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  1. I LOVE this post, Emily. Like you, I adore nature and walk daily for many of the same reasons you give. The encounters I’ve had with critters over the years have also felt like AMAZING gifts from God – well, maybe not mice in our Oregon house. Lol! But you’re right. They are so much more special when they’re unexpected. I had a happenstance encounter with a group of otters playing in the river in front of our house in Oregon that MADE MY YEAR in 2021! I pray your feet are better and that you’re able to get out there and walk again soon. I understand how important that is to one’s whole health. Love and hugs!

    1. Joyce, I’m so glad you can relate! Sometimes I feel like a very unique person because of how excited I get to experience nature! It really does give me such a boost, which is why I wanted so much to see an owl. Thanks for the prayers for my feet. It’s really been quite an adjustment, but it’s also forced me to find other ways to enjoy life. I’ve had my moments where it seemed like I would never get to walk for fun again, and it was pretty discouraging. I still have a lot of pain in my left foot, but I can tolerate longer walks. I’m hopeful that it will continue to improve. You’re the best! I wish we could see each other more often!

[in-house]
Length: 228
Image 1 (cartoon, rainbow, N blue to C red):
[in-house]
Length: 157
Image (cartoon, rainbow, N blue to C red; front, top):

2. So beautiful!! We are so much alike. Thank you for sharing. I absolutely love owls and all things nature. I spend most of my days outside, working in the yard, and using my eyes/ears to enjoy His beautiful creation. I am so happy God brought the owl to you. I hope your feet feel better quickly. I can also relate to this new season. Hugs!!

    1. Hi Cheryl! I’ve always thought you were the most amazing person, so I’m happy to hear that you can relate to my obsession with nature and owls. These transitions through the seasons of life really stretch us, don’t they? Hugs right back at you. I wish we could still bump into each other more often in real life! XO